The rapid growth of attention from legislators and regulators parallels the unprecedented growth of generative AI and other AI-powered and low-code/no-code deployments at enterprises worldwide. (OpenAI does not operate in China, but several Chinese companies are reportedly building alternatives to ChatGPT and other generative AI tools.) As a result, wherever your enterprise does business, agencies are likely considering or implementing laws and rules that will affect where and how your business can use AI.
This means your business now faces two near-immediate challenges. First, to protect valuable enterprise data and maximize its business value, you need to know where generative AI and other low-code/no-code deployments are happening, preferably as they happen. And in addition to identifying those deployments and their potential risks to your data, you must also know or quickly learn if they violate any local, national, or transnational laws or rules. This will require more effort from more participants than focusing solely on enterprise data protection.
Four Things You Need To Do Now
Figure out what you have. Then, put processes and technologies in place that provide guardrails for generative AI and other low-code/no-code deployments by citizen developers across your enterprise. Those guardrails must include instant notification when a deployment takes place. They must also support careful analysis of how each actual or requested deployment does or may affect the data’s accuracy, consistency, security, or timeliness that drives decisions at your business.
Determine your legal posture. In parallel with determining what you have, you need to determine if any of your deployments do or could soon violate laws or regulations that apply where you do business. California, Colorado, Connecticut, Utah, and Virginia have comprehensive data privacy laws in place. Other states have introduced or announced plans for privacy protection laws as well. While most of these will likely only apply within their respective states, the GDPR applies to all EU citizens, even those living or working outside of the EU. Determine if anything you have risks violation of laws or regulations. To gather this information and keep it current will require collaboration among those responsible for IT, cybersecurity, legal affairs, compliance, and perhaps HR.
Get and keep users onboard. Many, if not most, enterprise generative AI and low-code/no-code deployments take place with little to no corporate oversight. This means users must be educated consistently and frequently about the risks to enterprise data and legal and regulatory compliance and their valuable roles in mitigating those risks. Your HR team can help you deliver training related to this important area to new affiliates upon engagement and regularly to all constituents.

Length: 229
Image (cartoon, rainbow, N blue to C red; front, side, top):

Keep current. The laws and regulations affecting AI deployments are growing and evolving as fast and unpredictably as the technologies themselves. You and your colleagues must ensure that your enterprise can stay on top of both evolutionary trajectories. Again, this will require collaborations beyond IT and risk management.
A single episode of non-compliance with a relevant law or regulation can be costly to your enterprise, both financially and reputationally. It is critical that you and your colleagues keep tabs on laws and regulations as they evolve and to evolve management of your generative AI and low-code/no-code deployments as needed to minimize risks to your data and your legality.
How Incisive Can Help
At Incisive Software, we’re committed to helping organizations build a strong foundation for success based on accurate and trustworthy data. However, with the growing reliance on citizen-developed applications, low-code/no-code and open-source tools, and complex spreadsheets, the risks of data errors and mismanagement have become greater than ever.
We’re dedicated to providing innovative solutions that empower organizations to reduce their exposure to these risks, improve data quality and enable confident decision-making. By combining automation, modern technologies, and proven practices, our solutions bring greater accuracy, control, and insight to managing an organization’s most complex, critical, and sensitive data resources.